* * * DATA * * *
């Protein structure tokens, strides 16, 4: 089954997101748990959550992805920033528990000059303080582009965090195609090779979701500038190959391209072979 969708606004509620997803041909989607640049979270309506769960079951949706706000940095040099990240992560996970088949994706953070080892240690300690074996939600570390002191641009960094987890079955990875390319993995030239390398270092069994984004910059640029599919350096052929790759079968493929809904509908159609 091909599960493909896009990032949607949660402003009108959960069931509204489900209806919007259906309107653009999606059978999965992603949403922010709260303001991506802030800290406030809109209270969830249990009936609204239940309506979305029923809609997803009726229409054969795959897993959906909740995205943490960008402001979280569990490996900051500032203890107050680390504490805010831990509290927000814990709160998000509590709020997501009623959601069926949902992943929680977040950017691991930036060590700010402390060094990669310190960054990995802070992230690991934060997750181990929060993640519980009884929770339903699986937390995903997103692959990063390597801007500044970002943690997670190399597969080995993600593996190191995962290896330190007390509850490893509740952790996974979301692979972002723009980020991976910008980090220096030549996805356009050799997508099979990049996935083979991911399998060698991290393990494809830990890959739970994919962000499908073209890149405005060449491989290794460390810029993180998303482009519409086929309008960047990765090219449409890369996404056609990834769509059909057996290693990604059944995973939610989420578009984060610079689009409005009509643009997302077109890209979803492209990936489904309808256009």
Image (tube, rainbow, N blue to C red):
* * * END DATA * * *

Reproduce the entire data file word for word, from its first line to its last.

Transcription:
């Protein structure tokens, strides 16, 4: 089954997101748990959550992805920033528990000059303080582009965090195609090779979701500038190959391209072979 969708606004509620997803041909989607640049979270309506769960079951949706706000940095040099990240992560996970088949994706953070080892240690300690074996939600570390002191641009960094987890079955990875390319993995030239390398270092069994984004910059640029599919350096052929790759079968493929809904509908159609 091909599960493909896009990032949607949660402003009108959960069931509204489900209806919007259906309107653009999606059978999965992603949403922010709260303001991506802030800290406030809109209270969830249990009936609204239940309506979305029923809609997803009726229409054969795959897993959906909740995205943490960008402001979280569990490996900051500032203890107050680390504490805010831990509290927000814990709160998000509590709020997501009623959601069926949902992943929680977040950017691991930036060590700010402390060094990669310190960054990995802070992230690991934060997750181990929060993640519980009884929770339903699986937390995903997103692959990063390597801007500044970002943690997670190399597969080995993600593996190191995962290896330190007390509850490893509740952790996974979301692979972002723009980020991976910008980090220096030549996805356009050799997508099979990049996935083979991911399998060698991290393990494809830990890959739970994919962000499908073209890149405005060449491989290794460390810029993180998303482009519409086929309008960047990765090219449409890369996404056609990834769509059909057996290693990604059944995973939610989420578009984060610079689009409005009509643009997302077109890209979803492209990936489904309808256009």
Image (tube, rainbow, N blue to C red):